Apparently, this step of Kant was prompted by the published in 1765 of Nouveaux Essais of Leibniz [15, 234]. Leibniz’s point was that the ‘new philosophers’—Descartes and Locke—‘have carried the reform too far’. Instead, he pleaded ‘to rehabilitate the old philosophy and restore the all but banished substantial forms’ [7, 11]. Kant followed this advice of Leibniz closely.
Toward the end of the 1760s he was a brilliant analyst. Indeed, when in 1763 the Berlin Academy of Science in Berlin organised a philosophic competition asking ‘Are the metaphysical truths at all open for the clear proofs of geometry?’, he won the second price (the first price won Moses Mendelson [3, 26 f.].After Kant read Leibniz’ Nouveaux Essais, however, he turned back to the Greeks. Indeed, in contrast to Leibniz, he did not remained by the Aristotelian substantial forms but revived a long forgotten philosophical outfield—the peirastic dialectics. We have already noted that dialectic was discovered by Plato and developed further, but in the same time made harmless, by Aristotle. In the Middle Ages it was extensively discussed, but often misinterpreted. After the analytical revolution of Descartes and Locke, it was totally forgotten. Not in Germany, however. It was preserved there in the seventeenth century—in Königsberg even in the eighteenth century [15, 241]. That is where Kant picked it out from.
4. A Short History of CPR
Historically, Kant’s masterpiece was composed in three steps.
(1) 1765–69. His first step was the discussion of the antinomies. Indeed, today it is widely accepted that ‘the problems of antinomity were developed prior to . . . Kant’s transcendental philosophy’ [12, 398]. What is more, exactly the antinomy of the pure reason helped Kant to ‘wake up from the dogmatic slumber’.2 Our guess is that his work on the antinomies in 1765–9 made Kant to go back to the technique of peirastic dialectic.
(2) 1769. Kant’s discovery from 1769 was nothing but realising of the subjectivity of space and time as a priori forms of the sensitive intuition [12, 393]. Now, our guess is that Kant found a dialectical solution to the antithetical problem when working on the subjectivity of space and time: he first made use of peirastic dialectics in the transcendental aesthetic (see the next section 5), and then resolved the antinomies in a dialectical way.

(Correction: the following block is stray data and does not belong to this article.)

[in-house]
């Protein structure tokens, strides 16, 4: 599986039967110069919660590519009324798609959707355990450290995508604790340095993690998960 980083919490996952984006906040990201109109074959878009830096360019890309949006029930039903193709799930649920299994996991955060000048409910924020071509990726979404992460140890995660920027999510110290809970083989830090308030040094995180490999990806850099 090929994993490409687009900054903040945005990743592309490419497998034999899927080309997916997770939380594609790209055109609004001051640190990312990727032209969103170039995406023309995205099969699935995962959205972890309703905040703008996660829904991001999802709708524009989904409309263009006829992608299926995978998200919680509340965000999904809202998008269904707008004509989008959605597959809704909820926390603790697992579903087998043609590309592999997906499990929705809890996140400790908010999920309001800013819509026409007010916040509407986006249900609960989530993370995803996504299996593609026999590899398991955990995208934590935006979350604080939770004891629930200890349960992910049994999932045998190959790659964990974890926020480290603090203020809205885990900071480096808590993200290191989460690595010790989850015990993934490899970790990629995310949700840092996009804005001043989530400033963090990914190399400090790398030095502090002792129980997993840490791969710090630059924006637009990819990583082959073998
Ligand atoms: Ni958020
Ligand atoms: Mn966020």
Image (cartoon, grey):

(3) 1769–80. Finally came the task of elaborating his new science (why it was new we shall see in section 7): the transcendental deduction of the categories. This task was accomplished slowly and in very hard work which, in a sense, remained unfinished (see [9, 169]). For it Kant himself has said in Prolegomena that ‘this deduction was the most difficult thing that was ever made in metaphysics’.
5. Epistemological Peirastic
Our main thesis in this paper is that in CPR Kant managed to transform the idea of examining dialectic into the idea of origin-testing activity of human mind. He thus substantiated the understanding that ‘knowledge is an activity, not a state, of the mind’ [17, 323]. On this understanding, the subject has a highest grade of creativity—of free action.
Now the origin-testing of our knowledge is realised in three forms.
(1) Intuition. Our perception (intuition) is accomplished in combining noumena and forms. Indeed, every judgement of perception tests the matter and choices out of its multiplicity some elements that it orders in a certain form (pattern).
(2) Experience. Kant claims that our experience is not merely a calculation. This means that the mere assimilation of the data of experience is not enough in order to receive new knowledge. By perceiving single individuals, we ipso facto penetrate ‘to [the] empirical or experimental conditions of their application’ ([13, 16] my italics; see also [13, 78]). These formal conditions—conditions of object’s pertaining to a certain kind, conditions of their identity, etc.—form a part of the unified objective world.
(3) Understanding. The ideas of pure reason don’t refer to objects; rather, they strive to make reason complete, this completeness being secured by principles. The need of principles of human understanding is a consequence of the discursive nature of the latter, which requires from us to ascribe a subject to every predicate, and to this subject a subject again, and so on ad infinitum [8, 333].